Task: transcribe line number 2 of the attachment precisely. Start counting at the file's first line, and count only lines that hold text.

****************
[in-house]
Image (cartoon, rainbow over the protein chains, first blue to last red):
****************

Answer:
Image (cartoon, rainbow over the protein chains, first blue to last red):